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Frozen shoulder

Frozen shoulder is when the shoulder is painful and loses motion because of inflammation.

Alternative Names

Adhesive capsulitis

Causes, incidence, and risk factors

The capsule of the shoulder joint has ligaments that hold the shoulder bones to each other. When the capsule becomes inflamed, the shoulder bones are unable to move freely in the joint.

Most of the time there is no cause for frozen shoulder. Risk factors include:

Symptoms

The main symptoms are:

  • Decreased motion of the shoulder
  • Pain
  • Stiffness

Frozen shoulder without any known cause starts with pain. This pain prevents you from moving your arm. Lack of movement leads to stiffness and then even less motion. Over time, you become unable to do movements such as reaching over your head or behind you.

Signs and tests

The health care provider will ask about your symptoms and an examine your shoulder. A diagnosis is often made when you are not able to rotate your shoulder.

You may have x-rays of the shoulder. This is to make sure there is no other problem, such as arthritis. Sometimes an MRI exam shows inflammation. But imaging tests do not show specific signs to diagnose frozen shoulder.

Treatment

Pain is treated with nonsteroidal anti-inflammatory medications (NSAIDs) and steroid injections. Steroid injections plus physical therapy can improve your motion.

It can take a few weeks to see progress. It may take as long as 6 - 9 months for complete recovery. Physical therapy is intense and needs to be done every day.

Left untreated, the condition often gets better by itself within 2 years with little loss of motion.

Risk factors for frozen shoulder, such as diabetes or thyroid problems, should also be treated.

Surgery is recommended if nonsurgical treatment is not effective. This procedure (shoulder arthroscopy ) is done under anesthesia. During surgery the scar tissue is released by bringing the shoulder through a full range of motion. Arthroscopic surgery can also be used to cut the tight ligaments and remove the scar tissue from the shoulder. After surgery, you may receive pain blocks so you can participate in physical therapy.

Expectations (prognosis)

Treatment with physical therapy and NSAIDs will usually restore motion and function of the shoulder within a year. Even untreated, the shoulder can get better by itself in 24 months.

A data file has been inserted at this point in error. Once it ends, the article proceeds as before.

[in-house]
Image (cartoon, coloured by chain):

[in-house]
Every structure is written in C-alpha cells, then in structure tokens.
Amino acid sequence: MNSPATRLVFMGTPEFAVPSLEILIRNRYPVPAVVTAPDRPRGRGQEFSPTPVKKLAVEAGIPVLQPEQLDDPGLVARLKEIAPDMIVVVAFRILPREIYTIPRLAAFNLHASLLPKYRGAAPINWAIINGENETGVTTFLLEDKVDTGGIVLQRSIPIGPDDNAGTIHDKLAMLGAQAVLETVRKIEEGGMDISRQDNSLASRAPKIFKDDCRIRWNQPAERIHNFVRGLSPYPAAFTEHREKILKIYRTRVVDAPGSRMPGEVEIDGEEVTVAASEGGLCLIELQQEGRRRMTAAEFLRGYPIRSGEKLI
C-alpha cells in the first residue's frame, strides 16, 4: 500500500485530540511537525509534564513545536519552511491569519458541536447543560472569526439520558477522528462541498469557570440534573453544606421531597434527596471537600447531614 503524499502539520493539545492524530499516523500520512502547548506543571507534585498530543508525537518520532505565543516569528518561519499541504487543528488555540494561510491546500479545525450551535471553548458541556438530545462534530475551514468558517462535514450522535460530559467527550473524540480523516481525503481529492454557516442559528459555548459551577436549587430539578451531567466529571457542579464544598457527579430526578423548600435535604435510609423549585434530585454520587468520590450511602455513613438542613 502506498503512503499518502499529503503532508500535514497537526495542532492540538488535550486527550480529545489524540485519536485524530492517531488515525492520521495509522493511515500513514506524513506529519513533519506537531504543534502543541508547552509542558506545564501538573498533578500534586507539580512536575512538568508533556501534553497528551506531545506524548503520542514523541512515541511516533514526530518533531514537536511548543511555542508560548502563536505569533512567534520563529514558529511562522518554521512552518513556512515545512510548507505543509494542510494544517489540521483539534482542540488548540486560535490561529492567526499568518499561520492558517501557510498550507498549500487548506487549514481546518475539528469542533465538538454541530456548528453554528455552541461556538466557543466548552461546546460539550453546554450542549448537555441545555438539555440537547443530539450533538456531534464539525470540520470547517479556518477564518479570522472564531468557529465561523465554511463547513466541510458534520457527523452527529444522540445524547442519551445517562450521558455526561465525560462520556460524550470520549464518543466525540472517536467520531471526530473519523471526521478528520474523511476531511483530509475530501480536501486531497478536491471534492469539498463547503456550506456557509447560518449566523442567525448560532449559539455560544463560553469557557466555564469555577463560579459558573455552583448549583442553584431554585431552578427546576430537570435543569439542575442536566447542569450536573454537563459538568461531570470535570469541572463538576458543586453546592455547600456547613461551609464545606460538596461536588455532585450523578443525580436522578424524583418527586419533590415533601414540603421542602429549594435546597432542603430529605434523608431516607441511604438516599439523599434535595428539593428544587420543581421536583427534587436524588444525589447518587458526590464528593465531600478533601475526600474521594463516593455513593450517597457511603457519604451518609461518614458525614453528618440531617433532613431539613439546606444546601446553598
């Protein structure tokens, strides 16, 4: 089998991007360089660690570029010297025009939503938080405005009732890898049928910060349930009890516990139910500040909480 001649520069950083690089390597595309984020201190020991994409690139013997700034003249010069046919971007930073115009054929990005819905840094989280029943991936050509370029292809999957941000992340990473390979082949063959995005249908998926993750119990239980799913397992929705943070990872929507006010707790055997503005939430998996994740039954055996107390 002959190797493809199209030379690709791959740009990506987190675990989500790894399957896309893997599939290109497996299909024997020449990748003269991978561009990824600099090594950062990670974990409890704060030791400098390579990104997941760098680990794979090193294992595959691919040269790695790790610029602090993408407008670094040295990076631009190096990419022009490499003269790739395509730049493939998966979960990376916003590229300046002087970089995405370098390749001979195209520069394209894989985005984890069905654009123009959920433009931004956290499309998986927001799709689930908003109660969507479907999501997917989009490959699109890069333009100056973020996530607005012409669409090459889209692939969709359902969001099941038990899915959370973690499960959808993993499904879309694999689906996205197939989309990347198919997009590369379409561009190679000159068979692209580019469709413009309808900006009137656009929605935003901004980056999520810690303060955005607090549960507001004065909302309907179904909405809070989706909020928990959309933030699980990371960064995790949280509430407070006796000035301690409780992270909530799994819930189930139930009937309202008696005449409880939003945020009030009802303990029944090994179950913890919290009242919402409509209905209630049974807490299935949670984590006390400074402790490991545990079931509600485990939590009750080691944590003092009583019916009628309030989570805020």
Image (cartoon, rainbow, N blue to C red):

After surgery restores motion, you must continue physical therapy for several weeks or months to prevent the frozen shoulder from returning. Treatment may fail if you cannot keep up with physical therapy.

Complications

  • Stiffness and pain continue even with therapy
  • The arm can break if the shoulder is moved forcefully during surgery

Calling your health care provider

If you have shoulder pain and stiffness and think you have a frozen shoulder, contact your health care provider for referral and treatment.

Prevention

The best way to prevent frozen shoulder is to contact your health care provider if you develop shoulder pain that limits your range of motion for an extended period. Early treatment and helps prevent stiffness.

People who have diabetes will be less likely to get frozen shoulder if they keep their condition under control.

References

Miller RH, Dlabach JA. Shoulder and elbow injuries. In: Canale ST, Beatty JH, eds. Campbell's Operative Orthopaedics. 11th ed. Philadelphia, PA: Elsevier Mosby; 2007:chap 44.

Krabak BJ, Banks NL. Adhesive capsulitis. In: Frontera WR, Silver JK, eds. Essentials of Physical Medicine and Rehabilitation. 2nd ed. Philadelphia, PA: Elsevier Saunders; 2008:chap 10.

Updated: 11/15/2012

C. Benjamin Ma, MD, Assistant Professor, Chief, Sports Medicine and Shoulder Service, UCSF Department of Orthopaedic Surgery. Also reviewed by A.D.A.M. Health Solutions, Ebix, Inc., Editorial Team: David Zieve, MD, MHA, David R. Eltz, Stephanie Slon, and Nissi Wang.


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